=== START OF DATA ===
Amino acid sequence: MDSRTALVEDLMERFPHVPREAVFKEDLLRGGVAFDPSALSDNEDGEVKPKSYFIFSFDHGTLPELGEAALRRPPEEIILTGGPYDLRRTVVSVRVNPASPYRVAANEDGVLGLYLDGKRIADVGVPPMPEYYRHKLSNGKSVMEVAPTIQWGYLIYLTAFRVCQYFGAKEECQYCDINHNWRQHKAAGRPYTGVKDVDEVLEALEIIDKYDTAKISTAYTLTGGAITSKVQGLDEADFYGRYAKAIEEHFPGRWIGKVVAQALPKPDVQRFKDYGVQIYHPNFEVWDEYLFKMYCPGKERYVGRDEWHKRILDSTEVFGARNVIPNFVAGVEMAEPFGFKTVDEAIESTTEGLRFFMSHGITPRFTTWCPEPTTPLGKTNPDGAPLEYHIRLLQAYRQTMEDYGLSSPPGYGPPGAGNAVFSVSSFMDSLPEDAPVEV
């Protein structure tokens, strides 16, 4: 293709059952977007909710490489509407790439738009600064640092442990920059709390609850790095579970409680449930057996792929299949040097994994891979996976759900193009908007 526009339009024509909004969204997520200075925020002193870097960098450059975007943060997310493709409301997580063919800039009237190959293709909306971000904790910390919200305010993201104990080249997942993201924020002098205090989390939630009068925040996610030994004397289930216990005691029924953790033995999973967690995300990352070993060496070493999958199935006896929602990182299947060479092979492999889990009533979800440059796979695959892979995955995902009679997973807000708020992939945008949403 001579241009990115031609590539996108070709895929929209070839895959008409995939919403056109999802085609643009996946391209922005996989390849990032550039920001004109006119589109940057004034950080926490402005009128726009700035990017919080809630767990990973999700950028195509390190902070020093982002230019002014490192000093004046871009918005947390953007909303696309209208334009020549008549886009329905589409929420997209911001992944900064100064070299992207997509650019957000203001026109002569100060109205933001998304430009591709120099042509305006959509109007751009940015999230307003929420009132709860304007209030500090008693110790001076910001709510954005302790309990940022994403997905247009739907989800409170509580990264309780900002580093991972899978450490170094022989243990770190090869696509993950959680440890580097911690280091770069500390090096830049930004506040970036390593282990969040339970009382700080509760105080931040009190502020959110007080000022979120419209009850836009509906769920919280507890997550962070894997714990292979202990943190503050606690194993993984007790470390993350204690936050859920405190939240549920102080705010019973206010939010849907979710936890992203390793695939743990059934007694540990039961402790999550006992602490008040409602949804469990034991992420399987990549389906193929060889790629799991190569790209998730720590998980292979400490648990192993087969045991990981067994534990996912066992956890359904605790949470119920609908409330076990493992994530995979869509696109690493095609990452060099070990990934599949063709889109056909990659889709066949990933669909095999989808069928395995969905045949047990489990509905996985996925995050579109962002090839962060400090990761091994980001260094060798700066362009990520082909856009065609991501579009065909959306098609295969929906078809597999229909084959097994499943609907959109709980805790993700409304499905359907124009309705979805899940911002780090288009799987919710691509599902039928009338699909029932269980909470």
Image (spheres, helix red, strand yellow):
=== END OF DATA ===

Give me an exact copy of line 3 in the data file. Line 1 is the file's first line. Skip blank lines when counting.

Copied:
Image (spheres, helix red, strand yellow):